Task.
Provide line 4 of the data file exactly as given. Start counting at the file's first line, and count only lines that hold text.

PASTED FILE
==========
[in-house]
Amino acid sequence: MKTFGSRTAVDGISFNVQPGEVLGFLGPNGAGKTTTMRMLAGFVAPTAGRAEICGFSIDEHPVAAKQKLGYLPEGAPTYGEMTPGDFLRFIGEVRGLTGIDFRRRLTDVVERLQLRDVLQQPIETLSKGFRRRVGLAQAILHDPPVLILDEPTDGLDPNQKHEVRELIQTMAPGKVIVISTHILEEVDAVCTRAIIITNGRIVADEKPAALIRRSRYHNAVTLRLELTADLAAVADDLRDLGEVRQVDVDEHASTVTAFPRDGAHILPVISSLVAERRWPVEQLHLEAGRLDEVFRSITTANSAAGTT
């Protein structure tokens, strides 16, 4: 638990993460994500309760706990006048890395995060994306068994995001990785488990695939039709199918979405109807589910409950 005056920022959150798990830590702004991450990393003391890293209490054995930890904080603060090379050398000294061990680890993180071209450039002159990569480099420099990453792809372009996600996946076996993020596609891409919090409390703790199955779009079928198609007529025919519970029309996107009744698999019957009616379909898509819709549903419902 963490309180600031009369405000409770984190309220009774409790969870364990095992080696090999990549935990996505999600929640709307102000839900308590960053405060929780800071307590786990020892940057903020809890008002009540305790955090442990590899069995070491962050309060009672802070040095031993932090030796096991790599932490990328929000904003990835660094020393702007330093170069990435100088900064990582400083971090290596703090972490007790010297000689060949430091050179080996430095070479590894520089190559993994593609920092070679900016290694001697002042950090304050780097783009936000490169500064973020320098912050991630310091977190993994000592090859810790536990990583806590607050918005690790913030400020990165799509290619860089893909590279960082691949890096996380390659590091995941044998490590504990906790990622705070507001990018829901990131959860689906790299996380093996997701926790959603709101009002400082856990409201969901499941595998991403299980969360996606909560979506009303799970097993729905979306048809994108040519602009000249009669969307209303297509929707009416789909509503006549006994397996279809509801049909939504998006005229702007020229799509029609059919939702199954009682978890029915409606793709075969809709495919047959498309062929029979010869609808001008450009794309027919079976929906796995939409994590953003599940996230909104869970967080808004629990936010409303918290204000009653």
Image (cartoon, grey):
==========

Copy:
Image (cartoon, grey):